Dragons Greeting Clouds
In Vietnam, when there are favourable conditions for anything they say Rồng gặp mây, meaning ‘Like dragons greeting clouds’. Here, in Ha Long (meaning ‘Descending Dragon’) from 6-8 December 2019, the conditions were indeed favourable for an extraordinary meeting between a group of Western parapsychologists and Eastern practitioners. Organized by the equally extraordinary Bingo Wu, we were here for what was billed as the 2nd International Life Science and Parapsychology Studies Association Forum and Sixth Sense Mind Sport Competition. Few of us knew or could imagine what we were in for.
The name of Bingo Wu will be familiar to members who have been to recent SPR conferences – and to readers of this magazine who will have seen reports of those conferences. In previous years he has journeyed from his native China to the UK to present on his work teaching blind children to ‘see’ using allegedly paranormal means. In Leicester last year, he even taught some of those techniques to conference delegates, with interesting results. Now, however, he was organizing his own conference with thirteen speakers and a variety of demonstrations, ‘competitions’ and entertainments. Chaotic at times, but never boring, it was a unique event.
The Westerners comprised, in alphabetical order, Prof. Bernard Carr, Dr Glenn Hitchman, Dr Michael Nahm, Prof. Adrian Parker, Dr Annekatrin Puhle, Dr Leo Ruickbie, and Petra Szilagyi. Attending, but not presenting, was also Dr Julie Svay – originally from Cambodia, but now living in France. The Easterners, all from different parts of China, were Kang Shu Tian, Tang Fu Xiang, Zhou Aiwu, Shen Chang, Chen Zhiye, and, of course Bingo Wu. Our translator, who has asked not to be named, made it all possible, not just by translating, but by looking after us and shepherding us through this bewildering adventure.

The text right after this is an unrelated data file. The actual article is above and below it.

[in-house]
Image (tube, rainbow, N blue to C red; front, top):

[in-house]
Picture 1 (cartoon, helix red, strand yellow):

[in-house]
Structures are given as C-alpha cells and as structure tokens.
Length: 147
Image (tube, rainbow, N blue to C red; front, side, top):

Most of us arrived in Hanoi in northern Vietnam at roughly the same time and were able to share a minibus on the long drive from the airport out to the town of Ha Long on the coast. We sped through a kaleidoscope of changing images: straggling urbanization that turned every roadside into a mix of junkyard, workshop and market; endless traffic, with scooter drivers flouting every road traffic law they could think of and a few that have yet to be invented – including a very near miss with an oncoming lorry that our driver took in his stride; paddy fields with workers in coolie hats; concrete husks of construction projects; vistas of distant mountains; fields of fire and smoke as they burnt the stubble (no concerns about global warming here); grandiose Communist monuments; elegant colonial-era houses jostled by ramshackle sheds; and an incongruous church spire. It was the image of a country in a rush […]
For the full article see Paranormal Review 96.